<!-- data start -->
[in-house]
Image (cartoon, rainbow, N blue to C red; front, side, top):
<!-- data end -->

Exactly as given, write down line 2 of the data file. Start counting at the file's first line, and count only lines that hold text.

Image (cartoon, rainbow, N blue to C red; front, side, top):